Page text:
Letter: Lessons in Listening
To the Editor:
I’m tempted to tell today’s purist college students what it was like to be a student in the 1960s and ’70s. Administrators, deaf to “demands,” didn’t listen to students until the president’s office had been “occupied” by protesters; the term “civil disobedience” became a rallying reminder of Henry David Thoreau’s essay about the night he spent in the Concord jail to indirectly protest the Mexican-American war.
I’m tempted to tell students what I saw with my own eyes in Ithaca, 1968-69: Leaders of Cornell’s Black United Students armed themselves with rifles after occupying Willard Straight Hall, refusing to vacate until their demands were met. They wanted a three-day campuswide Teach-In on Racism (two new words back then). They were angry about the Cornell administration’s bureaucratic blather about a burning-cross left on a black student’s porch.
I’m tempted to tell students about Kent State University, 1970, when I saw with my own eyes another college president refuse to talk with anti-war protesters, a blunder which led to the burning of the ROTC building and the occupation of the campus by Ohio National Guard members who shot into the protesters, killing four and wounding nine.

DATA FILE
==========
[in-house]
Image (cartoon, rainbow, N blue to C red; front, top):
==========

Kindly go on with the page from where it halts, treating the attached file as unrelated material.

Those were the big lessons-in-listening taught to college presidents in the 1960s and ’70s. I witnessed both of them firsthand. They boiled down to this: When a leader refuses to listen seriously to the grievances of those who have been driven to civil disobedience, the leader throws gasoline (and sometimes bullets) on a fire.
By the 1980s, one president had learned that listening lesson. At Yale, when students built South African shanties in the Woodbridge Hall plaza to protest Yale’s investment in companies that supported apartheid, Yale’s president and his board of trustees took the protest seriously: They divested. This, too, I saw firsthand.
The educational model had been reversed: Kids taught adults, on campuses and on the nightly news.
Fast forward 30 years: Enter Dartmouth’s interim-president and its dean in 2013.
They listened. They learned. They acted.
No, I won’t talk about “back in my day.” Who’d listen?
Paul D. Keane